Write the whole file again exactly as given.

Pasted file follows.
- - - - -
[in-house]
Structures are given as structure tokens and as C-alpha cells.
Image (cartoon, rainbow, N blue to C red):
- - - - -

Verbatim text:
[in-house]
Structures are given as structure tokens and as C-alpha cells.
Image (cartoon, rainbow, N blue to C red):